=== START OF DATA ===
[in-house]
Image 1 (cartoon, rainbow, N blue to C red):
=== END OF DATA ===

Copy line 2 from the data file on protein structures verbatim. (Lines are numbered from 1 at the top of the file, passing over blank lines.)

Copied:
Image 1 (cartoon, rainbow, N blue to C red):